Boris Smus

interaction engineering

Never Let Me Go by Kazuo Ishiguro

I really liked it. Author does a great job conveying little nuances of relationships. I feel similarly about past life and previous relationships that could have gone so differently.

At any rate it’s great writing and vivid character development. The love triangle is extremely strong. But the world building is pretty weak. How can the world of the "students" and the world of the rest of the population be so hermetic? They have full freedom to go anywhere, yet there is no interaction. On this topic, I find myself actively suspending disbelief.

As a teacher, I guess there are three possible scenarios:

  1. Hide the truth from clones, raise them like wolves, harvest their organs. (Ground truth universe)
  2. Hide the truth from clone-students, give them a decent human childhood, harvest their organs. (Hailsham's approach)
  3. Tell students the whole story which would deprive them of their childhood, but give them a chance to potentially empower them to change the system somehow. (Lucy's approach)

I kept waiting for Tommy to attempt to change the system during his fourth donation. Ishiguro does some nice false foreshadowing, and when Tommy caves without a fight, the effect is one of resignation.

Systemic change is hard to achieve.

Everyone is born into some station and feels like they must do what it is they are born to do, rarely questioning or acting on their impulses. Tommy's river analogy comes to mind. People drift down this river of least resistance without much agency. If you were born as a student-clone, what would you do? Very likely, live the life allotted to you, in the best case that of a Hailsham student.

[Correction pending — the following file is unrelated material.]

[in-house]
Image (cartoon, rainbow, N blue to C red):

We are in Hailsham

The fact that the students can't have children of their own is the tragic part of this whole piece. In their lives, as in ours, death is guaranteed. In theirs, it becomes inevitable after the fourth donation, in ours after age 80 or 90. But the finality of death without children is such that all is lost. This is not really a well-developed theme in the book, more of a background take. Kathy makes it explicitly through the song.

I thought that Kazuo Ishiguro invented "Never Let Me Go" the song, and but it turns out that the song is real, the cover is real, and Judy Bridgewater is real. Honestly, this is disappointing. Previously, I wrote:

Nice use of the invented song, and vividly described. It serves as a really touching tearjerker.

I found the ending to be a little bit drawn out. For example I thought that the book would end at the scene where Tommy and Kathy go and talk to Madame. A lot of the stuff after that was a little bit less clear and might have just been possible to cut.